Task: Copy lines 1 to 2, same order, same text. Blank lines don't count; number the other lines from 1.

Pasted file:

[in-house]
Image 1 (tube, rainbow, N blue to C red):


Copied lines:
[in-house]
Image 1 (tube, rainbow, N blue to C red):